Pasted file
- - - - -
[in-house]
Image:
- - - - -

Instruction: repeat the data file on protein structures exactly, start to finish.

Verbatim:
[in-house]
Image: